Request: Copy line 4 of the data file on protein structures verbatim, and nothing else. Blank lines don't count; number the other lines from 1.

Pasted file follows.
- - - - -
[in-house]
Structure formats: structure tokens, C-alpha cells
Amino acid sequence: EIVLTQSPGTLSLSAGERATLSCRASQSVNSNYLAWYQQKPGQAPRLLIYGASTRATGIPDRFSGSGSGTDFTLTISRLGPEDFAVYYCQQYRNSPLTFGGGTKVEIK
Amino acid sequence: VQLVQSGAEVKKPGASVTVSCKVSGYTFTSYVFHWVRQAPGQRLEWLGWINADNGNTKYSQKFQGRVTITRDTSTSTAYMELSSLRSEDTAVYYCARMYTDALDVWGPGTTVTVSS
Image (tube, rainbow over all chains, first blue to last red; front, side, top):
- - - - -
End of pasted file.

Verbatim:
Amino acid sequence: VQLVQSGAEVKKPGASVTVSCKVSGYTFTSYVFHWVRQAPGQRLEWLGWINADNGNTKYSQKFQGRVTITRDTSTSTAYMELSSLRSEDTAVYYCARMYTDALDVWGPGTTVTVSS